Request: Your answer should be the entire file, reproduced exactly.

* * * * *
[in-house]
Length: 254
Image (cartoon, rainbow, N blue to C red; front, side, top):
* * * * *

[in-house]
Length: 254
Image (cartoon, rainbow, N blue to C red; front, side, top):